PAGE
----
Persistent Link:
http://hdl.handle.net/10150/282551
Title:
Correlation of pulmonary arsenic metabolism and toxicity
Author:
Barber, David Stewart, 1970-
Issue Date:
1997
Publisher:
The University of Arizona.
Rights:
Copyright © is held by the author. Digital access to this material is made possible by the University Libraries, University of Arizona. Further transmission, reproduction or presentation (such as public display or performance) of protected items is prohibited except with permission of the author.
Abstract:
In lung preparations, As(V) was reduced to As(III) [first order rate constant of 0.0104/min]; As(III) was oxidized to As(V) [first order rate constant of 0.005/min], methylated to MMA [K(m) = 5.383μM, V(max) = 0.00031 μmol/liter/min/mg], and complexed with GSH; MMA was converted to DMA [K(m) = 63.4 μM, V(max) = 0.0000384 μmol/liter/min/mg]; and arsine was oxidized to As(III) and As(V) and methylated. Toxicity of As(III), As(V), MMA, DMA, and arsine was assessed by measuring effects on cell and slice viability hsp32 induction, and production of DNA single strand breaks. Because all species of arsenic did not produce effects, it was possible to deduce an "active" form of arsenic from these studies. Pulmonary arsenic metabolism was modeled using SIMUSOLV. This model indicated that arsine disposition cannot be explained solely by oxidation to As(III) before methylation or further oxidation occurs. The concentration of arsenic species present in toxicity studies were predicted with this model and correlated to observed effects. There was good correlation between reduction of As(V) to As(III) with toxicity and hsp32 induction. However, the effects observed for arsine did not correlate with oxidation to arsenite.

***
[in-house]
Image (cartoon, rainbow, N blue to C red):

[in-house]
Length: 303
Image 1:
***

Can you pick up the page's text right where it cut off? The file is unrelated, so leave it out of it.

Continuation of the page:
Type:
text; Dissertation-Reproduction (electronic)
Keywords:
Health Sciences, Toxicology.
Degree Name:
Ph.D.
Degree Level:
doctoral
Degree Program:
Graduate College; Pharmacology and Toxicology
Degree Grantor:
University of Arizona
Advisor:
Carter, Dean E.

Full metadata record

DC FieldValue Language
dc.language.isoen_USen_US
dc.titleCorrelation of pulmonary arsenic metabolism and toxicityen_US
dc.creatorBarber, David Stewart, 1970-en_US
dc.contributor.authorBarber, David Stewart, 1970-en_US
dc.date.issued1997en_US
dc.publisherThe University of Arizona.en_US
dc.rightsCopyright © is held by the author. Digital access to this material is made possible by the University Libraries, University of Arizona. Further transmission, reproduction or presentation (such as public display or performance) of protected items is prohibited except with permission of the author.en_US
dc.description.abstractIn lung preparations, As(V) was reduced to As(III) [first order rate constant of 0.0104/min]; As(III) was oxidized to As(V) [first order rate constant of 0.005/min], methylated to MMA [K(m) = 5.383μM, V(max) = 0.00031 μmol/liter/min/mg], and complexed with GSH; MMA was converted to DMA [K(m) = 63.4 μM, V(max) = 0.0000384 μmol/liter/min/mg]; and arsine was oxidized to As(III) and As(V) and methylated. Toxicity of As(III), As(V), MMA, DMA, and arsine was assessed by measuring effects on cell and slice viability hsp32 induction, and production of DNA single strand breaks. Because all species of arsenic did not produce effects, it was possible to deduce an "active" form of arsenic from these studies. Pulmonary arsenic metabolism was modeled using SIMUSOLV. This model indicated that arsine disposition cannot be explained solely by oxidation to As(III) before methylation or further oxidation occurs. The concentration of arsenic species present in toxicity studies were predicted with this model and correlated to observed effects. There was good correlation between reduction of As(V) to As(III) with toxicity and hsp32 induction. However, the effects observed for arsine did not correlate with oxidation to arsenite.en_US
dc.typetexten_US
dc.typeDissertation-Reproduction (electronic)en_US
dc.subjectHealth Sciences, Toxicology.en_US
thesis.degree.namePh.D.en_US
thesis.degree.leveldoctoralen_US
thesis.degree.disciplineGraduate Collegeen_US
thesis.degree.disciplinePharmacology and Toxicologyen_US
thesis.degree.grantorUniversity of Arizonaen_US
dc.contributor.advisorCarter, Dean E.en_US
dc.identifier.proquest9814453en_US
dc.identifier.bibrecord.b37744963en_US
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